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Posts by Pastor Jeff (Page 10)

The Body and the Blood

If you listened closely to the Pastor’s words during Holy Communion, you may have noticed that the Pastor quotes Jesus. As the bread is held up the pastor quotes Jesus’ words saying, “This is my body broken for you. Do this in remembrance of me.”[1] Similarly when the cup is held in the air, again the Pastor quotes Jesus, “This is the blood of the new covenant, poured out for you. Do this in remembrance of me.”[2]

Words matter. Christ was deliberate in using these words when instituting the Lord’s Supper. But what do they mean? Historically, these words have divided churches. It was one of the reasons the Lutherans and the Reformed churches were unable to unite in the 16th century. Lord’s Day 29 explains the Reformed position.

Baptism: A Sign & A Seal

Heidelberg Catechism: Lord’s Day 27

Lord’s Day 27 discusses two things about Baptism: what it is, and to whom it is for. Baptism is a “sign and a seal”. Signs point to something and clarify our understanding of something. A seal (or “pledge”) is an older way of saying a “promise”. When we see or participate in a sacrament, it is pointing to a greater reality than itself. It is also illuminating a promise that God has given to a believer.

What reality is Baptism is pointing to? Baptism points to the washing away of our sins by Christ’s work on the cross and the working of the Holy Spirit. Q/A 72 asks whether or not the outward washing of water actually does anything. It does not. In contrast to our Catholic friends, Protestants do not believe that baptism cleanses people just by the fact that it is done. The Heidelberg states that only Jesus’ blood and the Holy Spirit cleanse us from sin. This understanding reminds us that baptism is far from being an empty symbol. Baptism points to the reality of something greater.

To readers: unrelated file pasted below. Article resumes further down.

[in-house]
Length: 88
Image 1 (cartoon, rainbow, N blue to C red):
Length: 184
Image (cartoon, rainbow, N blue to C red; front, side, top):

Washing of Rebirth and Renewal

Heidelberg Catechism: Lord’s Day 26

Last week on Lord’s Day 25, we began the section of the Heidelberg Catechism that introduced the Sacraments. The Sacraments are practices that the church uses in its worship that Jesus commanded his followers to do. These are not just meaningless rituals, but practices that Jesus commanded in order to point people to the promises of Christ’s Death and Resurrection. These Sacraments in a sense “act out” our faith and are meant to encourage and strengthen the faith of the believer by reminding them of what Christ has done for us. Lord’s Day 26 focuses on Baptism- what it means and how we should think about it.

Signs and Seals

Heidelberg Catechism: Lord’s Day 25

Lord’s Day 25 begins a new section on the Heidelberg that explains the Sacraments. But before we get into a discussion on what are the Sacraments, it might be helpful for us to connect the Sacraments with everything we’ve talked about before. Over the past few weeks, we’ve been discussing how a person is made right before God. We’re not made righteous before God by our own works of righteousness (Ps. 130:3, Rom. 3:20, 28, Gal. 2:16, Eph. 2:8-9). This is not to say that God isn’t pleased by our efforts. God is certainly pleased by our broken, and weak efforts to live our lives to please Him. But our failures to keep God’s commands should lead us to recognize our weakness and our need for a Savior. The righteousness we have been given is not from ourselves, but from faith in Jesus Christ.